Werner, a member of the institute’s executive committee, used the Hassenfeld study to inform her about her study: Pregnant woman Health interventions to prevent gestational diabetes and childhood obesity.

And because the data from the Hassenfeld study can be used to gain insights, the institute helps local partners solve a variety of real-world problems affecting the people of Rhode Island. can.

The staff came to the Hassenfeld Institute when the office of former Rhode Island Governor Gina Raimondo needed help in understanding the reading comprehension of third graders. Experts in the Institute’s core research and evaluation unit can conduct retrospective studies to assess risk factors in early childhood and determine how they relate to reading comprehension years later. I did. Their analysis provided a strategy to achieve the state’s goal of perusing 75% of third-year students by 2025.

When the Rhode Island Community Food Bank wanted to know more about the people the organization serves (a quarter of them are children), their leaders also came to the lab. The researchers planned the study, trained volunteers to run it on more than 400 people, and then analyzed the results. One of the main findings was that 45% of respondents reported serious health-related problems, emphasizing the fact that children need nutritious foods to grow. I will.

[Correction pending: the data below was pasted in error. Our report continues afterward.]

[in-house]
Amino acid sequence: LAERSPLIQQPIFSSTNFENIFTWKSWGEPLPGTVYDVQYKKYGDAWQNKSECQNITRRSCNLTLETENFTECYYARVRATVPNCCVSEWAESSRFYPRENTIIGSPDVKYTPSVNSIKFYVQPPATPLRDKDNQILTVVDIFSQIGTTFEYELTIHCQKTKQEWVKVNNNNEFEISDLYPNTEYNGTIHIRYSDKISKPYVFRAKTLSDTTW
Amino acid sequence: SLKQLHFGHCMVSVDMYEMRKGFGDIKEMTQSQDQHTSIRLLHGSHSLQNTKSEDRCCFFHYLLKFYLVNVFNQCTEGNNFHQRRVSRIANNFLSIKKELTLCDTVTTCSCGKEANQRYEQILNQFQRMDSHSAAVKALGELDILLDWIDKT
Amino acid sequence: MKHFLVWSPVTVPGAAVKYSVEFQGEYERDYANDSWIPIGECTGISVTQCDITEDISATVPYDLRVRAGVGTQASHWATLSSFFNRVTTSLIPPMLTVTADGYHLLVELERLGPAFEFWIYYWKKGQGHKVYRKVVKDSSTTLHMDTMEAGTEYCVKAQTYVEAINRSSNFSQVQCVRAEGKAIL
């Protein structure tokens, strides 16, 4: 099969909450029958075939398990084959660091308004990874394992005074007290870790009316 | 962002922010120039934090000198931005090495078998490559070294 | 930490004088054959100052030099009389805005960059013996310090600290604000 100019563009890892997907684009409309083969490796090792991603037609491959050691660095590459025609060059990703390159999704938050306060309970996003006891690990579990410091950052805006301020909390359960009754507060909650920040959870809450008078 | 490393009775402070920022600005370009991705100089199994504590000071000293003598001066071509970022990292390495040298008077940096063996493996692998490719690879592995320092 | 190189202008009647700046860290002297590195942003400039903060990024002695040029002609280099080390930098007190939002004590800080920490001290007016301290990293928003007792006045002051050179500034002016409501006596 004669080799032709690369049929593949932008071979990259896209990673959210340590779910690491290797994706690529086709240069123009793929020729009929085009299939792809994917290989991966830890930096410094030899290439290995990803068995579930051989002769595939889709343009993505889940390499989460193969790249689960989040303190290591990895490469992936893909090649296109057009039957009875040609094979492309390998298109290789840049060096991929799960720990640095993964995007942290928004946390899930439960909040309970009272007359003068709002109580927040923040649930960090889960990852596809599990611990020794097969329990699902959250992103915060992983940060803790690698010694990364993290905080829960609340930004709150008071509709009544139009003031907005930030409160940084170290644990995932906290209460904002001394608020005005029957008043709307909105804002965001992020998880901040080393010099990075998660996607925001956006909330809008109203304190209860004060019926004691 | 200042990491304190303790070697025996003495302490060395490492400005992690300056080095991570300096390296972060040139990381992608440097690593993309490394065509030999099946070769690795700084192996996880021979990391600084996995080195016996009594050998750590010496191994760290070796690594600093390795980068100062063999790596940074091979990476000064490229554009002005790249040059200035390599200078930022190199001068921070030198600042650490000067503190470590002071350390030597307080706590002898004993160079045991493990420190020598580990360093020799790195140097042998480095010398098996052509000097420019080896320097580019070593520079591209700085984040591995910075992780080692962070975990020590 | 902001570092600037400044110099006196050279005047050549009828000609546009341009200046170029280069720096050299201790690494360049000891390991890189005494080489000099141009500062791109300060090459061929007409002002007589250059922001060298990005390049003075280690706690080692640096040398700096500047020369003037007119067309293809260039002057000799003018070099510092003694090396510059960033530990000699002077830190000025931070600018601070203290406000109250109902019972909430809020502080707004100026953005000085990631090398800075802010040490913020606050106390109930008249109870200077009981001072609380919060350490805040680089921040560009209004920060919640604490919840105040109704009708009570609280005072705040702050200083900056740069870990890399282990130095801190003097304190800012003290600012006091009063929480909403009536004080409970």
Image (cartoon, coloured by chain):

“We were overwhelmed by the institute’s incredible expertise,” said Andrew Schiff, CEO of Food Bank. “The 2019 Hunger Survey is a family member of our program. Provided a more detailed depiction of. It has fundamentally changed our sense of responsibility to ensure that we provide our patrons with the healthiest food possible. Medical Please cooperate with the provider. “

In another project, Hassenfeld Institute scholars can analyze Medicade billing data to identify geographic hotspots for childhood asthma and help researchers find associations with characteristics of neighboring areas such as poverty and old housing. I did it. They also mapped the prevalence of childhood obesity by town and encouraged community-based groups to pursue initiatives such as nutritional improvement in school meals.

Hassenfeld’s research also provided an opportunity to assess the impact of emerging threats. By the end of 2020, 241 mothers who participated in the study completed the COVID-19 pandemic study, and the results provide important insights into the public health side effects of COVID-19. After 70% of mothers said their stress levels were higher than before the pandemic and 19% of their children were found not to see a doctor directly, the institute found out that their children’s wellness routines during COVID, etc. Provided a webinar on the topic of.

Research data should not be useful solely to research partners: “We make this information available as soon as possible to advise, reassure, and guide families throughout the state and beyond.” ..


Studies highlight the health care barriers women with disabilities face during pregnancy


Provided by
Brown University

Quote: How Mother’s Data Can Help Countless Children (11 June 2021) 11 June 2021 https://medicalxpress.com/news/2021-06-mother-countless-children Obtained from .html

This document is subject to copyright. No part may be reproduced without written permission, except for private research or fair trade for research purposes. The content is provided for informational purposes only.



How Mother’s Data Can Help Countless Children

Source link How Mother’s Data Can Help Countless Children

Related Articles

Back to top button